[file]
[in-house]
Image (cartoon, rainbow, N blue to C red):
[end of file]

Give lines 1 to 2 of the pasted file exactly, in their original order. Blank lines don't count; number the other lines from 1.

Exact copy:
[in-house]
Image (cartoon, rainbow, N blue to C red):